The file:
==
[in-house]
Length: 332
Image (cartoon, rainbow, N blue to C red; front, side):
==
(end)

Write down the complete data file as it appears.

[in-house]
Length: 332
Image (cartoon, rainbow, N blue to C red; front, side):